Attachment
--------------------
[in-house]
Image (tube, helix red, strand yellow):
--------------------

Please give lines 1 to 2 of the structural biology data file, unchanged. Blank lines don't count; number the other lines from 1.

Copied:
[in-house]
Image (tube, helix red, strand yellow):